Richmond, Virginia -- The Virginia National Guard’s mission in Washington, D.C., leading up to the 59th Presidential Inauguration required an unprecedented effort from the Virginia National Guard logistics community.
“The greatest compliment so far from this mission is a commander briefing that, 'The logistics are just falling into place,’” said Maj. Allie G. Oberoi, a battle captain in the Virginia National Guard J4. “Of course, we work incredibly hard to pull together support for missions, but to have units see our output as effortless means we are doing it right.”
Virginia Army National Guard logistics personnel provided uniforms and equipment to the more than 2,400 Virginia National Guard Soldiers and Airmen on duty in Washington, D.C. They established a mobile Central Issue Facility which delivered cold weather gear and mission essential equipment directly to the Soldiers.
Beginning Jan, 6, 2021, Virginia Central Issue Facility began supplying the Virginia National Guard contingent to the Washington D.C. mission. Supplemented by personnel from the Supply Support Activity and their organic transport capabilities, the CIF/SSA team assembled cold weather gear, Enhanced Small Arms Protective Insert plates, body armor, and various other Soldier necessities for the force.
Once in D.C., they established a CIF distribution station in the parking lot of the D.C. Guard Armory. From there they provided Virginia National Guard personnel with more than 4,000 items of cold weather clothing, more than 800 pairs of protective eye-wear and several hundred pair of gloves.
“The rough dollar value of equipment of Virginia-owned OCIE [Organizational Clothing and Individual Equipment] issued over the last several weeks to sustain operations was approximately $350,000,” explained Capt. Matthew Engel, officer in charge of the CIF rear detachment.
The CIF/SSA team’s mission in D.C. soon expanded and included acquiring $12,000 worth of extra clothing from the National Guard Bureau in Alexandria. They also obtained additional eSAPI plates and distributed them to Soldiers on the ground.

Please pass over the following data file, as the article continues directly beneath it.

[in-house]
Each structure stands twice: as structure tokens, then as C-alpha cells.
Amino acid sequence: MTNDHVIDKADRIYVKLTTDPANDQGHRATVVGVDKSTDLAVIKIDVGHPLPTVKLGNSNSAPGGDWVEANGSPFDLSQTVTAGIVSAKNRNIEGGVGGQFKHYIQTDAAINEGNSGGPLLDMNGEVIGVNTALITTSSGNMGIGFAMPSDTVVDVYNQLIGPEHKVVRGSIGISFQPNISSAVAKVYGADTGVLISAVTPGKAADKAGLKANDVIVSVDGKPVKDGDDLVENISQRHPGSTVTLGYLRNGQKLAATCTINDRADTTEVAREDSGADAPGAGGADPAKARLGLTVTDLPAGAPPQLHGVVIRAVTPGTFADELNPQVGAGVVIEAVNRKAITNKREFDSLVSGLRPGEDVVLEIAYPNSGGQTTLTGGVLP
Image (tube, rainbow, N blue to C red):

Anticipating shortfalls, the rear detachment assembled extra Improved Outer Tactical Vest and Outer Tactical Vest body armor and Kevlar helmets to send to D.C. The mobile CIF/SSA team made multiple trips to and from the CIF warehouse in Richmond and kept in constant communication with the “rear detachment,” who assembled OCIE orders, made emergency requisitions and input more than 800 documents generated from this mission.
The CIF/SSA team then began preparing for the return of the hundreds of eSAPI plates, laser-protective eyewear and other gear that was hand receipted to the supply personnel of nearly every unit in Virginia.
“While challenged to supply such a large force in such a short timeframe, the Virginia CIF/SSA came through, exceeding expectations by showing once again their adaptability, responsiveness and improvisation," Engel said.
No shots were fired while in D.C., but Soldiers were prepared with ammunition thanks to the Ammunition Supply Point at Fort Pickett. The ASP is responsible for the issue, receipt, storage, inspection, and turn-in of all Ammunition & Explosives for the Virginia National Guard and other services, according to CW3 Nick Seymour, the state explosives safety officer and Fort Pickett ASP manager. Since Jan. 6, 2021, the ASP issued more than 750,000 rounds of various non-lethal and small arms in support of operational requirements.
“This was successful due to the efforts and hard work by the team members at the ASP that worked countless hours to ensure our part of the mission was successful,” Seymour said. “I have nothing but the greatest respect for the job the ASP team has done and the impeccable job the logistics community has accomplished in support of the Virginia National Guard and D.C. National Guard.”
The Gate City-based 1030th Transportation Battalion managed and executed daily logistics packages from Fort Pickett and Richmond up to Washington, D.C. According to Capt. John Terry of the 1030th, the battalion utilized a combination of tactical and non-tactical vehicles to accomplish their objectives, taking into account the safety of both their drivers and civilian traffic on the road.
For the logistics community, the mission was an opportunity use their skills and experience at home, in their community.
“I enjoy domestic missions because of the clear, tangible help we bring to our local community. As a logistician, that comes in everything we do, from transportation to hot meals for Soldiers,” Oberoi said. “The details and how it is done can make such a difference for our Soldiers in enabling them to do their best work possible.”
“I could not be more proud of the entire logistics enterprise in the Virginia Army National Guard,” said Col. Everton Nevers, the Virginia National Guard deputy chief of staff for logistics. “The efforts by the logistics team far exceeded expectations and the synchronization between the units and the Virginia Army National Guard logistics team was expertly coordinated. This was an example of the professionalism and knowledge inherent in our logisticians here in the Virginia Army National Guard. “